With the rate drop yesterday, mortgage rates are at amazing lows. People in the office are bragging about locking in 4.50% mortgage rates with no points, or 4.25% with 1 point. While I haven’t done a lot of in-depth research on this topic, I would agree that right now is a good time to explore your options. (Especially if you have a good credit score and a loan-to-value ratio below 90%.) My favorite source for helpful mortgage info remains the Mortgage Professor.
The main cost of a mortgage refinance are the points and settlement costs (appraisal, etc.). The primary benefit (when you aren’t trying to pull cash out) is a lower monthly payment. This way, you can find a break-even point after which you save money with the refinance, say 20 months. Obviously, you’ll want to be confident that you’ll be holding the loan longer than that. Here are two breakeven calculators: one and two.
If you want instant savings or are just short on cash, you can attempt to find a “no cost” refinance, where you get a rate with negative points that actually cover your upfront costs. Even better, to avoid funny business later, find a lender that actually guarantees that they will cover all settlement costs. However, your rate might not be the best.
After reading up on some articles on the Professor’s website, here seems to be a possible action plan:
- Check with competitors first to get an idea of what combination of rates and closing costs you can get. Try an Upfront mortgage broker or lender.
- Armed with this information, call your loan servicing company and ask about your remaining loan balance. Casually ask what could be done with the current low rates. If needed, use your rates collected previously to let them know you’re shopping around and make them go one better. Your existing lender may have more flexibility in waiving and/or reducing fees.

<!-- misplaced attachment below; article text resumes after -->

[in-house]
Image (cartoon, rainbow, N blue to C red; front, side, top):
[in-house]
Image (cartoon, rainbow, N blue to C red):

- Ask for a loan modification if your lender has not sold the loan, and are servicing it themselves (see below).
My Refinance Attempt
I am in the least common situation, where I got my loan through a community bank who did not sell the loan. They are both the lender and servicing agent. Thus, they are very interested in keeping my loan and not losing it to a refinance. After talking to them, the refinance route was not looking too good, and so they offered me a rate reduction instead. I got to keep my same loan with the same remaining term length, but the rate would be reduced from 5.625% down to 5.125% for a $500 fee. Neither of us has to pay for an appraisal, title insurance, document fees, recording fees, or another mortgage broker commission.
After running the numbers, I would be saving $150 per month, which would give me a break-even period of only 4 months! The catch: I had to lock today to get it guaranteed, and I could not lock again for 30 days. I decided to not to be greedy and locked it in (at no cost). I should get the paperwork tomorrow. If I have a $150 lower monthly payment for the next 29 years, that’s a potential savings of $50,000! ($150 x 12 x 29, but less if you calculate back to present value…)
It’s almost too good to be true, considering I don’t have to try and go through the hassle of a refi. In fact, since I paid points to lower my mortgage rate initially, I thought my chances for a profitable refinance were slim to none. Now, I still have to look at the fine print, so this is not a done deal.
Again, I am not an expert on this stuff. But given the weird situation we have right now, if you have a mortgage professional that you trust, you might want to give them a call. This one phone call today saved me tens of thousands of dollars. I just read a newspaper article that they have gotten more loan requests in the last two weeks than they have had in the last 11 months! So while they are busy again, they are less likely to take your business for granted.
Good luck, and share your success stories below! Oh, and if you missed it before, you can read about our (long) first-time home-buying experience here.
By Jonathan Ping | Real Estate | 12/18/08, 4:53am